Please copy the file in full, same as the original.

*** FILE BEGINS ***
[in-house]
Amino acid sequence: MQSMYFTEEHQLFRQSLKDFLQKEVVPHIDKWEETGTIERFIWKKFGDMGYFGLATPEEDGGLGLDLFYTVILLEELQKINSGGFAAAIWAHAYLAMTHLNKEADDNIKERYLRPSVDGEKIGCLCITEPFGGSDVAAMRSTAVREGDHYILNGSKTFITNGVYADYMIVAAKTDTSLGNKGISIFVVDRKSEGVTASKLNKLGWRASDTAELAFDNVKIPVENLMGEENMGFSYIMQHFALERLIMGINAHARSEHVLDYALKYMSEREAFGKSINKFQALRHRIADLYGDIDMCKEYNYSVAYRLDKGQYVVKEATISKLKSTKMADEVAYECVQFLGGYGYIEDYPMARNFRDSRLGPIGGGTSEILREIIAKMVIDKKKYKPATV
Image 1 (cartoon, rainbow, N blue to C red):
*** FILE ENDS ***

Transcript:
[in-house]
Amino acid sequence: MQSMYFTEEHQLFRQSLKDFLQKEVVPHIDKWEETGTIERFIWKKFGDMGYFGLATPEEDGGLGLDLFYTVILLEELQKINSGGFAAAIWAHAYLAMTHLNKEADDNIKERYLRPSVDGEKIGCLCITEPFGGSDVAAMRSTAVREGDHYILNGSKTFITNGVYADYMIVAAKTDTSLGNKGISIFVVDRKSEGVTASKLNKLGWRASDTAELAFDNVKIPVENLMGEENMGFSYIMQHFALERLIMGINAHARSEHVLDYALKYMSEREAFGKSINKFQALRHRIADLYGDIDMCKEYNYSVAYRLDKGQYVVKEATISKLKSTKMADEVAYECVQFLGGYGYIEDYPMARNFRDSRLGPIGGGTSEILREIIAKMVIDKKKYKPATV
Image 1 (cartoon, rainbow, N blue to C red):